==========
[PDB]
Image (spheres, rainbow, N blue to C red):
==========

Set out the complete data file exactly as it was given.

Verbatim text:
[PDB]
Image (spheres, rainbow, N blue to C red):